PFT and 6MWT

The spirometry (forced expiratory volume in the first second (FEV1), forced vital capacity (FVC) and FEV1/FVC ratio), static lung volume measurements (total lung capacity (TLC), residual volume (RV) and RV/TLC ratio via body box plethysmography) and DLCO via single-breath technique were performed using the Jaeger® MasterScreen Body with the patient in a seated position, according to the approved standards [24].

The 6MWT was performed using the protocol approved by the European Respiratory Society/American Thoracic Society Task Force [25].

Fibrosis score

The radiological extent of pulmonary fibrosis was evaluated using the same fibrosis score as that used in the composite physiological index validation [26]. All patients underwent high-resolution computed tomography (HRCT), and the images were independently evaluated by two thoracic radiologists (the same two radiologists evaluated all HRCTs) at five levels (origin of great vessels, mid-arch of aorta, carina, pulmonary venous confluence, and 1 cm above the right dome of diaphragm) for the extent of fibrosis [27]. The alterations were graded as follows: 1 = predominantly fine intralobular fibrosis, 2 = predominantly microcystic honeycombing (comprised of air spaces less than 4 mm in diameter), and 3 = predominantly macrocystic honeycombing (comprised of air spaces more than 4 mm in diameter), with a maximum score of 15 for five levels [26].

ESS

The ESS is the most widely used instrument for measuring daytime sleepiness in clinical practice. It is simple, self-administered, and measures the risk of falling asleep in 8 specific situations. A score higher than 11 is associated with subjective daytime sleepiness [28].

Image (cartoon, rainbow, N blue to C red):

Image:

APAP treatment and compliance

OSA treatment, with auto-adjusting continuous positive airway pressure (APAP), was proposed for those patients with moderate-to-severe OSA (AHI ≥ 15/h), and those with mild OSA with daytime sleepiness and/or cardiovascular disease (including arterial hypertension, diabetes mellitus, coronary disease, or stroke).

In Portugal, the cost of APAP treatment, which includes delivery and technical maintenance by domiciliary respiratory care providers, is completely covered by the Portuguese national health system; therefore, treatment is provided at no additional cost to the patient [29]. In our department, it is a common practice to prescribe, at least initially, APAP to OSA patients instead continuous positive airway pressure (CPAP) because it spares pressure titration.

Prior to APAP treatment, all patients received education from a sleep physician regarding OSA, its known effects on comorbidities, proper sleep hygiene, adjunctive/conservative methods to improve sleep, and the importance of treatment compliance. Each patient was scheduled for a clinical appointment with a sleep physician 1 month after starting APAP therapy. At that point, the clinical symptoms were evaluated as well as APAP compliance variables (percentage of nights of APAP use and number of hours per night), 90% night-time pressure (P90) and residual AHI which were assessed by analysing the data from equipment’s memory card.